After countless birthday cakes and one Easter lamb cake disaster that has forever been referred to as the “Spam Lamb”, I realized no one in our family really likes cake. Our birthday dessert tradition has expanded to include a peach/blueberry pie, cheesecake and a dessert my family calls Peanut Butter Stuff.

The decorating bags and tips had been packed away for years until this winter. Thankfully, I didn’t get rid of my supplies during the big move of 2015. I knew the decorating bug might hit me again and I wanted to be prepared. When Thing 1 and Thing 2 both got engaged last year I decided it was time to pick up my decorating bag once again and jump into the cookie decorating craze I had been admiring from a far.

I’m now hooked and while many around me express their concern about the daunting task of making 160 cookies for the favor for Thing 1’s wedding next month, I can’t wait to get to the decorating stage of things. I’ve been practicing since my first class back in January with Goody Two Chews and I’ve watched a lot of cookier videos. Thankfully it’s summer and my time is my own. So while many of you may be reading professional development books, attending workshops or taking summer classes I can be found in my kitchen with a decorating bag in my hand once again just like it has been for many other milestones in my life.


A sampling of my practice cookies. 

A Season of Not Writing?

The last time I blogged was August 7, 2018 while I was sitting on a beach in my home state of Connecticut. Today I’m sitting on a beautiful beach on the Jersey Shore reflecting on the school year I just finished last week. It was a long hard one this year which might explain my season of not writing.

Last year writing was the focus of my evaluation project. This year it was math which was driven by a change in curriculum and a new resource. My writing suffered as did my teaching of writing. A teacher of writing must also be a writer. I feel like I failed at this somewhat this year.

I did write this year but only for my students. I wrote pieces to model the obligatory genres of narrative, information and opinion writing to meet the ever looming standards. Don’t tell, but my colleagues and I snuck in a little poetry at the end once ALL the assessments were done. I modeled using my poet’s eyes to write about something but the topic escapes me now and it’s locked away in my file cabinet until the next time I feel I have the time to sneak in a little poetry.

I’m sure I wrote narrative pieces back in the fall about my new puppy, Milo, but I can’t remember those either. If you’re an elementary teacher you really do need a pet so you always have something to write about. Feel free to quote me if you’re trying to convince your significant other of your need for a pet.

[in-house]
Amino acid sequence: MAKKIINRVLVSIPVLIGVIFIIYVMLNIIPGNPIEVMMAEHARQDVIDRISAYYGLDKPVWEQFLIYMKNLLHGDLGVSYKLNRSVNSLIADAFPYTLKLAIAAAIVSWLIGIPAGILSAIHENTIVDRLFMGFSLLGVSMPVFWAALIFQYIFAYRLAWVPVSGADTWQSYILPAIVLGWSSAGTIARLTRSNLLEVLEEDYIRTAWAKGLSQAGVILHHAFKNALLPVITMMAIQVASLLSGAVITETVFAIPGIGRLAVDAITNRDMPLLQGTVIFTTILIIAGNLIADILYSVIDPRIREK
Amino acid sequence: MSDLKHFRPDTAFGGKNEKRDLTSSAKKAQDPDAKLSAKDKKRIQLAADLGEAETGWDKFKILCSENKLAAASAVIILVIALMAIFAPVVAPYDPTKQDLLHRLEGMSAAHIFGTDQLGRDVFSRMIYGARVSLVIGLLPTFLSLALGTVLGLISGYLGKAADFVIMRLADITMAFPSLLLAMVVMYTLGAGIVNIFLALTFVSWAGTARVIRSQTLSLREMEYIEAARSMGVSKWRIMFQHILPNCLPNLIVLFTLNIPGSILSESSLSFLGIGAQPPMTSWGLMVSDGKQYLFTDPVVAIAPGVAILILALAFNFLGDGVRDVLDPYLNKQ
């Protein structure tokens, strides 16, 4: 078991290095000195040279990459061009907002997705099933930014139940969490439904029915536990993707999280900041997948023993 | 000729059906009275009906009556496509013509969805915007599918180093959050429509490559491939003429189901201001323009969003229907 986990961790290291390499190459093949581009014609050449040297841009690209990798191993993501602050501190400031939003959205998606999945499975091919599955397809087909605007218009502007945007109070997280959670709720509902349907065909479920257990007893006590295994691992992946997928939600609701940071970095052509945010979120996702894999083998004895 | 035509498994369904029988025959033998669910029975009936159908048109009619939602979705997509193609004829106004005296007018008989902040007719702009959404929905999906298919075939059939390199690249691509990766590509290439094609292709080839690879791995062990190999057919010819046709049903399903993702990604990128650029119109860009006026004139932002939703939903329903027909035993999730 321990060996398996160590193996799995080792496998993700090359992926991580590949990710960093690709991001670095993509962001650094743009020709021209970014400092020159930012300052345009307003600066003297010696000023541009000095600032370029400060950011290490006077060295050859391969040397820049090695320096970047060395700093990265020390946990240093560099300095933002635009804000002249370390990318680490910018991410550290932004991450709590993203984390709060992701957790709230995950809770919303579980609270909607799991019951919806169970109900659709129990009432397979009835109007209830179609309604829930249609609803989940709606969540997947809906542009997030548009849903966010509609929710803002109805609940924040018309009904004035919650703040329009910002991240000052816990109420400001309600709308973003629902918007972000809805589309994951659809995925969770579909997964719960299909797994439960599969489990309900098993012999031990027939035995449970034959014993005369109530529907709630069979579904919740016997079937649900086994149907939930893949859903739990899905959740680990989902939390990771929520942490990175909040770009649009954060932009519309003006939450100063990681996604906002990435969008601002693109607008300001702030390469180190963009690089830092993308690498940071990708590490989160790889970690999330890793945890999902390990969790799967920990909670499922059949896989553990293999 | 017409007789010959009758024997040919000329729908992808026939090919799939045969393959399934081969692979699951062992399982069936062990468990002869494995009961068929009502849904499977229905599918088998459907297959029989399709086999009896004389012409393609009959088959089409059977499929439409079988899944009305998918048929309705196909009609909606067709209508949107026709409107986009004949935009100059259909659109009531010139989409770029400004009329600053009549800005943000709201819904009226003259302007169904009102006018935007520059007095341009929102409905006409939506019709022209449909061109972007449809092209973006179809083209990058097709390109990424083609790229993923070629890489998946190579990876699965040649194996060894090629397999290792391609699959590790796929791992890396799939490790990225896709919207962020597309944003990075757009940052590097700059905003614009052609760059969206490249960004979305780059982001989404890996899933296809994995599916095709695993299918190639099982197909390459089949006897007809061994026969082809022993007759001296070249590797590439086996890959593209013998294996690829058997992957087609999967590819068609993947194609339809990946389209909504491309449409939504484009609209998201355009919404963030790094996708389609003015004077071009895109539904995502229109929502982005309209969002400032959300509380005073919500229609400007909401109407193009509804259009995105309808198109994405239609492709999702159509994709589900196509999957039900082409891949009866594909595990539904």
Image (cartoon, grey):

Milo helps out when I’m all out of small moments ideas. His dad is pretty awesome too.

My greatest accomplishment as a writer this year was the information book I wrote about decorating cookies. A new passion I acquired this year as a way to relieve stress and prepare to make cookies for Thing 1’s wedding next month and Thing 2’s wedding next May. Exciting times for my family.

I delved into Book Creator this year with the help of my technology coach. This endeavor motivated even the most reluctant writers in my room this year. I highly recommend it if you’ve been hesitant to give it a try. Learning along side my students was one of the highlights of the year. Here’s my how to book about cookie decorating

Through the encouragement of a much younger colleague (I could have a daughter her age:) I also gave Google Classroom a try during our opinion unit. I had been feeling overwhelmed by trying to conference with 24 writers throughout the year and Google Classroom helped to alleviate some teacher guilt. Though I have to confess I did sometimes feel like I wasn’t really teaching as I sat at my computer commenting on student’s work. Being able to view and comment on their pieces at home had it’s pluses and minuses. In the end, I’m hopeful the experience prepared them a little more for third grade. In addition to MANY changes in my school district this year, 2nd graders having their own Chromebook was new this year which made using Google Classroom more feasible.

I modeled opinion writing with a piece I wrote last year with my husband in mind. Unfortunately, my opinion piece on We don’t need anymore cars at our house was still pertinent so it made its way to my document camera again. I also wrote a passionate plea about our ever shrinking carpet to my principal. This piece helped me model how to write for change. Sadly, the carpet remains and we still have 5 cars at my house. To be fair I haven’t actually shared my letter with my principal. I need to put that on my summer To Do list.